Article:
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Cuba Restores Memorial to USS Maine

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A period engraving of the original USS Maine monument in Havana, Cuba.

A period engraving of the original USS Maine monument in Havana, Cuba.

The government of Havana, Cuba recently restored a monument to the lost crew of the USS Maine celebrating Cuba-American relations following The Spanish American War, The Associated Press reported Friday.

The monument was originally erected in 1925, following the 1898 explosion of the Maine and the subsequent Spanish American War that resulted in Cuba’s independence from Spain.

The memorial has the names of 266 sailors who were lost on in the explosion and statues of two women representing a motherly United States leading a younger Cuba.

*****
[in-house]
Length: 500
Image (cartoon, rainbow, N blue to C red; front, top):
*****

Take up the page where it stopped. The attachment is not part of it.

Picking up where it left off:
Following the Cuban revolution of the 1950s, language on the monument was changed to imply the sailors were pawns of an imperial power.

For more information about the USS Maine see Naval History Magazine’s special report on how the Maine sank.

Categories: Foreign Forces
Sam LaGrone

About Sam LaGrone

Sam LaGrone is the USNI Online Editor at the U.S. Naval Institute.
He was formerly the U.S. Maritime Correspondent for the Washington D.C. bureau of Jane’s Defence Weekly and Jane’s Navy International. In his role he covered legislation, acquisition and operations for the Sea Services and spent time underway with the U.S. Navy, U.S. Marine Corps and the Canadian Navy.
Sam is a 2003 graduate of Virginia Military Institute.